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7. Informed consent

Introduction

Informed consent is a dynamic process that begins with a researcher’s first contact with a potential participant and continues through to the end of the participant’s involvement in the research. The informed consent process requires effective and reciprocal communication between the researcher and potential participants.

Researchers have a duty to provide participants with information about the research they are being asked to participate in, potential risks and benefits, as well as the opportunity to ask questions and give their free and informed consent to participate in research, or to decline to do so.

In the context of research in New Zealand, the concept of mana tangata (personal autonomy) refers to a person’s right to participate in research and their right to be appropriately informed of risks of harm to themselves or their collective. Through clearly explaining the requirements for informed consent researchers must demonstrate respect for the mana of participants.

Informed consent contributes to a number of ethically important concepts, such as transparency, supporting individual autonomy, protecting participants’ welfare, promoting trust, satisfying regulatory requirements and promoting integrity in research.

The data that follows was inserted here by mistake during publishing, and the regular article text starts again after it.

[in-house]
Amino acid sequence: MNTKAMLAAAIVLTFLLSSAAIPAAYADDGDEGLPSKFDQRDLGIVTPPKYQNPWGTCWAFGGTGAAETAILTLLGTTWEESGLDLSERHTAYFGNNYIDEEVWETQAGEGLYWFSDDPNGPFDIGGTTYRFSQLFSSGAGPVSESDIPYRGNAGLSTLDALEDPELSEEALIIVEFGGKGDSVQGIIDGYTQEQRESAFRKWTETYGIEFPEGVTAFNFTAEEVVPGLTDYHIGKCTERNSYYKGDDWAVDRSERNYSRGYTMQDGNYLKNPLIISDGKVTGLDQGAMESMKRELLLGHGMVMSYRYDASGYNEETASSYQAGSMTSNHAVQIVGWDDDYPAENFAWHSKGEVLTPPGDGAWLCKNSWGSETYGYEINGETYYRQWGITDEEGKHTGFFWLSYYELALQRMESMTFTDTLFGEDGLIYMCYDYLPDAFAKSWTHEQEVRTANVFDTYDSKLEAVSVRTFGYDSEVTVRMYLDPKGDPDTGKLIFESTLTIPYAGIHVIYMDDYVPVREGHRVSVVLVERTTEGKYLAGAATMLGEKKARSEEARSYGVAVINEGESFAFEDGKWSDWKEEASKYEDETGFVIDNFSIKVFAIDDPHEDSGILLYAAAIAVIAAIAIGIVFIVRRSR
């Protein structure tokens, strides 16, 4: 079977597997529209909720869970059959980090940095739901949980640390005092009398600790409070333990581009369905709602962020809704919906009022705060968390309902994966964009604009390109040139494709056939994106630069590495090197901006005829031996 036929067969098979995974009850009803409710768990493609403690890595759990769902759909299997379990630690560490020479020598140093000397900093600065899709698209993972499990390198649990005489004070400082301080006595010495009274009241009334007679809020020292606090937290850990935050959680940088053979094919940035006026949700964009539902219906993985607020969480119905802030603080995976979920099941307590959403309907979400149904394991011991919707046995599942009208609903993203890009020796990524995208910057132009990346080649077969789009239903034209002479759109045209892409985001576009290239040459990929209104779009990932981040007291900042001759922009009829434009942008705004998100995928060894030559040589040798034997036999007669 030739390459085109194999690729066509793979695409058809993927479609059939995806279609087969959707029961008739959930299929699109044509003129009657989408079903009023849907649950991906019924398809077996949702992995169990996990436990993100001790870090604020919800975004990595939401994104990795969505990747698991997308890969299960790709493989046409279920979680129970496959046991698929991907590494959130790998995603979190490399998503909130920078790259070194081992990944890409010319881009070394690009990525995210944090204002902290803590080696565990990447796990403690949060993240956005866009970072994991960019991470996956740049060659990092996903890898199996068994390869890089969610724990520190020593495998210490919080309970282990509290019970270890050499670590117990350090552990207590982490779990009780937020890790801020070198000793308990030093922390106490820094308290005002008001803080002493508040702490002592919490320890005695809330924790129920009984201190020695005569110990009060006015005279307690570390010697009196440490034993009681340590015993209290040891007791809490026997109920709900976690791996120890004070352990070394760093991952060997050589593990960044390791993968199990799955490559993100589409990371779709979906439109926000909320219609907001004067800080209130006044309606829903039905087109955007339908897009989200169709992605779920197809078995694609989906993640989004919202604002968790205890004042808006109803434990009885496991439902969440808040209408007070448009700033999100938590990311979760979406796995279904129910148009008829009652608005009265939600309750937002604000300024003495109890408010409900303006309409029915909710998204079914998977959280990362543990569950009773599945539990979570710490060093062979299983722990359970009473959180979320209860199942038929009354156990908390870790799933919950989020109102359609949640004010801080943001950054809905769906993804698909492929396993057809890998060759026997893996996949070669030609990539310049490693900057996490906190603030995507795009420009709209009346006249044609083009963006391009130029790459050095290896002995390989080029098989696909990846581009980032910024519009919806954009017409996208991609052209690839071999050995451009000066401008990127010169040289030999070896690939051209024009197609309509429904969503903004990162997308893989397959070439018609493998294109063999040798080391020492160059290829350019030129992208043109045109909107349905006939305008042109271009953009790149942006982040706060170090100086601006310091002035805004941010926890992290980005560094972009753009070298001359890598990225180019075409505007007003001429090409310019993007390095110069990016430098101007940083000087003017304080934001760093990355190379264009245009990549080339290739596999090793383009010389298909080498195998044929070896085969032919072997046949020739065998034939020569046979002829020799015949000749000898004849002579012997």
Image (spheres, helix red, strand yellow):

Obtaining the informed and voluntary consent of participants is the default starting point in these standards. In limited circumstances, aspects of the consent process may be modified, or the requirement to obtain consent may be waived.

Suitable processes for obtaining consent

Requiring the consent of potential participants may require different approaches. For example, researchers may need to put in place a supported consent process, or provide culturally appropriate information. Researchers must consider the setting and timeliness of the consent process.

7.1 Researchers must seek and obtain the informed consent of individual participants before those participants begin to be involved in research, except in the circumstances outlined in Research with Adults who Cannot Provide Informed Consent.

7.1.a Informed consent must be in writing if a patient is to participate in any research involving a healthcare procedure where informed consent is required.[1]

7.2 Researchers should document participants’ consent.

7.2.a Where participants give consent in a form that is not written, researchers must record it in some other manner (e.g. through audio, video or electronic evidence, or a written note in the file).

7.2.b In some cases, consent can be demonstrated by a participant’s actions; for example, returning a completed questionnaire may be considered implied consent.